But as I sat there watching from my safe distance, a girl from another table stood up and walked over to the table where he was sitting. She asked if she could join him. Without looking up, he nodded and she sat down.

After ordering their drinks, the other group of teens looked around the cafe for some place to sit. When they saw the boy hunched over his books, it was clear they were ready to roust him from the table where he was sitting with the lovely girl.

But she looked up at them, and without saying a word, made it clear that they should rethink that plan. And they did. In a moment she had diffused the situation. Then she set about engaging the young man at the table with her in conversation. It was a small thing. But it was powerful.

Something in me woke up. I knew her heart -- and I knew his. In that moment I understood why I had spent my childhood feeling shy, marginalized, awkward, and insecure. And I also knew why I had spent my entire life feeling heartache whenever I saw, heard of, or experienced violence, teasing, poverty, or sorrow.

The first gave me compassion. The second gave me courage. It was clear to me that I'd been prepared for my life's purpose. I wasn't broken, I was destined to be brave. I wasn't shy, I was quietly alert and observant. I wasn't awkward, I was empathic. I wasn't overly sensitive, I was understanding.  I wasn't paralyzed by self-loathing, I was empowered to act.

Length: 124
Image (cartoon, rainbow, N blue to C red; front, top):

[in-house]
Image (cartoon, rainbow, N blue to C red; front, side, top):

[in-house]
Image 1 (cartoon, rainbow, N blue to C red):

Instead of feeling insecure about myself, I felt secure in my purpose. I could make a difference in the lives of others. I could be like that young girl. In fact, I realized that in my heart, I had always been like that young girl. Her example simply served to demonstrate to me that empathy is only as good as it empowers our compassion, humanity, and courage.

We all have things we are aware of. Injustices and secret sorrows that we see played out in the harsh light of society as we go about our days. It might be a child on the playground who seems particularly self-isolating and sad. A waitress who is uncharacteristically distracted. A stranger who is weeping on a park bench. A young mom who is clearly worried about paying for the groceries in her arms at the checkout line.